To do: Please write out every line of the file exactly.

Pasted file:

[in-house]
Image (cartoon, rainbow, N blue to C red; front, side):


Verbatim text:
[in-house]
Image (cartoon, rainbow, N blue to C red; front, side):